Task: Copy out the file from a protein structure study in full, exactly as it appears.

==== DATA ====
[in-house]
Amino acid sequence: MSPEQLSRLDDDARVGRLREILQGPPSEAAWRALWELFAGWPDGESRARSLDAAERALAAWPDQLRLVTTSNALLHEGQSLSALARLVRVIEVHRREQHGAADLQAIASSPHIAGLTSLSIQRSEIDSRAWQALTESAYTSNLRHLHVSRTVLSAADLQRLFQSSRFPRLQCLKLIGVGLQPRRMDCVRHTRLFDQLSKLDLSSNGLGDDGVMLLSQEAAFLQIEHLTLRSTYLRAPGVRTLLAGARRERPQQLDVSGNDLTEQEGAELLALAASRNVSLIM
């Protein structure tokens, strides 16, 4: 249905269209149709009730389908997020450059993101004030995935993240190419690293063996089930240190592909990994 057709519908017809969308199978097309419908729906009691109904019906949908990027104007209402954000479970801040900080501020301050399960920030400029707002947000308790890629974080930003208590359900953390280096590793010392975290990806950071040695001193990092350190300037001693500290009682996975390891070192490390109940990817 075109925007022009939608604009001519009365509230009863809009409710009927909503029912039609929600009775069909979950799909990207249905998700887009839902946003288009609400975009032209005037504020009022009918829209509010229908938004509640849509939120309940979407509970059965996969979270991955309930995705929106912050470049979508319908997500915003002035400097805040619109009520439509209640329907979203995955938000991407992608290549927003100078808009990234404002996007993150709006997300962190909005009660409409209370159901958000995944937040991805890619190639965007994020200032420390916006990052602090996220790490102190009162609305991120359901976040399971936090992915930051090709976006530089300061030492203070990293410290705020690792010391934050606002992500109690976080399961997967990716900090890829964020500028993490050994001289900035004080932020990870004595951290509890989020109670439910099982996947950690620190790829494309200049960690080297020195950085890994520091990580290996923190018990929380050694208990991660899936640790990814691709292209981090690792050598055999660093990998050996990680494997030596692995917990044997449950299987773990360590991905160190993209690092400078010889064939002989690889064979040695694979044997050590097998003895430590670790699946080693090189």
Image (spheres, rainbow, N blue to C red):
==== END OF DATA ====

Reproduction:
[in-house]
Amino acid sequence: MSPEQLSRLDDDARVGRLREILQGPPSEAAWRALWELFAGWPDGESRARSLDAAERALAAWPDQLRLVTTSNALLHEGQSLSALARLVRVIEVHRREQHGAADLQAIASSPHIAGLTSLSIQRSEIDSRAWQALTESAYTSNLRHLHVSRTVLSAADLQRLFQSSRFPRLQCLKLIGVGLQPRRMDCVRHTRLFDQLSKLDLSSNGLGDDGVMLLSQEAAFLQIEHLTLRSTYLRAPGVRTLLAGARRERPQQLDVSGNDLTEQEGAELLALAASRNVSLIM
């Protein structure tokens, strides 16, 4: 249905269209149709009730389908997020450059993101004030995935993240190419690293063996089930240190592909990994 057709519908017809969308199978097309419908729906009691109904019906949908990027104007209402954000479970801040900080501020301050399960920030400029707002947000308790890629974080930003208590359900953390280096590793010392975290990806950071040695001193990092350190300037001693500290009682996975390891070192490390109940990817 075109925007022009939608604009001519009365509230009863809009409710009927909503029912039609929600009775069909979950799909990207249905998700887009839902946003288009609400975009032209005037504020009022009918829209509010229908938004509640849509939120309940979407509970059965996969979270991955309930995705929106912050470049979508319908997500915003002035400097805040619109009520439509209640329907979203995955938000991407992608290549927003100078808009990234404002996007993150709006997300962190909005009660409409209370159901958000995944937040991805890619190639965007994020200032420390916006990052602090996220790490102190009162609305991120359901976040399971936090992915930051090709976006530089300061030492203070990293410290705020690792010391934050606002992500109690976080399961997967990716900090890829964020500028993490050994001289900035004080932020990870004595951290509890989020109670439910099982996947950690620190790829494309200049960690080297020195950085890994520091990580290996923190018990929380050694208990991660899936640790990814691709292209981090690792050598055999660093990998050996990680494997030596692995917990044997449950299987773990360590991905160190993209690092400078010889064939002989690889064979040695694979044997050590097998003895430590670790699946080693090189």
Image (spheres, rainbow, N blue to C red):